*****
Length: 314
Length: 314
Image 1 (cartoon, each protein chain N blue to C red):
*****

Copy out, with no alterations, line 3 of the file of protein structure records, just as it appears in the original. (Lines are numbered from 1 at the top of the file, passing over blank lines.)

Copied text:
Image 1 (cartoon, each protein chain N blue to C red):